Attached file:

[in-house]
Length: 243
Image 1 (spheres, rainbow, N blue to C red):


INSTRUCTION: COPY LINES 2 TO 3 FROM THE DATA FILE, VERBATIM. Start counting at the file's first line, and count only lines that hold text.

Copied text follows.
Length: 243
Image 1 (spheres, rainbow, N blue to C red):